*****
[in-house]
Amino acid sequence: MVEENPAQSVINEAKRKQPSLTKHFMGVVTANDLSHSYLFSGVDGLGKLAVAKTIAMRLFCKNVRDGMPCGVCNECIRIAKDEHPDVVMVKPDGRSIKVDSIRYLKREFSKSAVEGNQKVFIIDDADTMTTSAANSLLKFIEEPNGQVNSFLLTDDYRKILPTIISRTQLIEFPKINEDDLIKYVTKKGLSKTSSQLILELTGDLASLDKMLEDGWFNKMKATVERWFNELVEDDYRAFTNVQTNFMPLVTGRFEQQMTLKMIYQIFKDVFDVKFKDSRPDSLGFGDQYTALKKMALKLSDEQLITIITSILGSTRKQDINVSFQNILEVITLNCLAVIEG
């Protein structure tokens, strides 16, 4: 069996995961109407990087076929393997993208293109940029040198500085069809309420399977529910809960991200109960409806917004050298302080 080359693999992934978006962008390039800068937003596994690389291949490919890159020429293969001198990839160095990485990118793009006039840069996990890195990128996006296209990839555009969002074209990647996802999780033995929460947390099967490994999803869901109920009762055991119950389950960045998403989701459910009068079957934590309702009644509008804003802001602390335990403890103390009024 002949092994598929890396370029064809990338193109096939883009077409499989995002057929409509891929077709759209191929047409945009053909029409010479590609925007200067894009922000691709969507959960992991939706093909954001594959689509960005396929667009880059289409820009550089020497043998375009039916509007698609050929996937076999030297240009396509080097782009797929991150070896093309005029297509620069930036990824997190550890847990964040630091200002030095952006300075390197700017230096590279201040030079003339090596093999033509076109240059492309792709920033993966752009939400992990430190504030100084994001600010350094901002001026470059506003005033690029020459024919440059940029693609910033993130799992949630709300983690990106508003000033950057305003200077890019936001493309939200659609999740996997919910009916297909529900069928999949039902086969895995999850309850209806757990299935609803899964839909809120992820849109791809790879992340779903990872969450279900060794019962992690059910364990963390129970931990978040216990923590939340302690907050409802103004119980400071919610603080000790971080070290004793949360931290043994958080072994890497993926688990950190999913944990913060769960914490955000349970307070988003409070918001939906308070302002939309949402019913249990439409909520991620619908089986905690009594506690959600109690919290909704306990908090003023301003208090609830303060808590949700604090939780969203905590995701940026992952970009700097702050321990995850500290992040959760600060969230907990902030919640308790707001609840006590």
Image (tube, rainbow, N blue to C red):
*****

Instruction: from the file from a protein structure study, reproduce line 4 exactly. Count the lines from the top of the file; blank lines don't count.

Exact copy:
Image (tube, rainbow, N blue to C red):